Last year, you will be amused to know, I had the experience of having my most recent book, Race for Paradise, made into an audiobook. Since this is not something that every historian does, though it does happen more and more now, I thought it might at the very least be amusing, and maybe even edifying, to share my experiences about the process. The short version is that it was great, but also a lot harder than you’d think. So perhaps you might also read this as a cautionary tale.
As for the longer version of the tale, well: I was first contacted by my editor at Oxford University Press, the rather magnificent human being known as Timothy Bent, who let me know that Audible.com had bought the audiobook rights for my book, and that they would be contacting me about the details sometime soon. Just to provide some sense of timing, the print version came out in June 2014, and I was told in July by Audible that the book would be “entering production”. And then, crickets.
Nothing. Not a peep. By September, I admit I was curious to know what was going on, and, more importantly, had Ian McKellen been cast to read it or not? OUP helpfully reached out to Audible and that seemed to be what was needed to jump-start the process. I was put in touch with a producer at Audible who said I would be notified and given a better time-table once they had cast an actor/narrator. Unless, my OUP contact offered helpfully, I would be interested in narrating the book?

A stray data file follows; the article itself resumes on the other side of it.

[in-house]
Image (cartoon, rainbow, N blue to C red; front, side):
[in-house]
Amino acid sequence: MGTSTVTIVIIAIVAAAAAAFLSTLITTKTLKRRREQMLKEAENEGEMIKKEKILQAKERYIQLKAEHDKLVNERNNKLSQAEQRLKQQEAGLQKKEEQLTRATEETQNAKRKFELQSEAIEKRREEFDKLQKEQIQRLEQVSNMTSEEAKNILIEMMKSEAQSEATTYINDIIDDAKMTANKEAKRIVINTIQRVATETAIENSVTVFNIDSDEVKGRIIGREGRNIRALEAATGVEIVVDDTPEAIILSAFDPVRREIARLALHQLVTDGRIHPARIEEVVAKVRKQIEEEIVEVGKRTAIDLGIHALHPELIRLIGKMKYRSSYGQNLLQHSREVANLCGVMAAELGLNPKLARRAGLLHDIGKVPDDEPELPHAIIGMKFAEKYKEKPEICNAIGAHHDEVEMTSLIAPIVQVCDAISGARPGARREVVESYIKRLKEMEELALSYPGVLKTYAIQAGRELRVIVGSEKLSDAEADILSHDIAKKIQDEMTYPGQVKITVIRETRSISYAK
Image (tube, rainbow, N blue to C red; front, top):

Suddenly, all was light. Since I happened to be on sabbatical, and since I foolishly thought it would be a lark, I agreed. At least I could pronounce all the Arabic names correctly, right? The producer explained that they would need a demo tape first before they could agree to me as a narrator, or otherwise I could submit an audio or video of me lecturing. I sent in a video of me lecturing on Ibn Battuta before a snoozing crowd at the Penn Museum, just so they could get a sense of my voice and its mellifluousness. I sat back and waited for their decision. Within a few hours, they had signed me up. Now, I mention this comically quick turn-around not because I think it reflects upon me or that lecture video, but because it reveals to me what was really going on in the producer’s mind—they really just needed to make sure I wasn’t an incoherent mumbler. And, mostly, I’m not. Honest. The producer then made clear to me some of the house rules:
· I would not get paid.
· I would have to do the recording in the Audible.com studio in Newark, NJ. That’s about an hour and a half north of Philadelphia.
· I would record over a period of two weeks, 10am-4pm every other day. All day. About 35 hours total projected for a book like this.
--Oh, oh, oh.
· But lunch was free, in the Audible cafeteria.
So, I gave it further thought. I don’t normally do uncompensated work like this (and nor, IMO, should anyone), since I view my time as very valuable, particularly when on sabbatical. But I saw it still as a way to help market the book, which indeed it is, and a very powerful one, too. And that is an indirect mode of compensation, right? RIGHT? But I confess I really did mostly just think it would be hysterical, an adventure to dine out on, or to blog about. Plus, hey, free lunch in Jersey. So I agreed to their terms.
As for the actual nitty-gritty of working in the Audible.com studios, that indiscreet tell-all will appear in my next blog-post. I’ve got another book to write. Watch this space.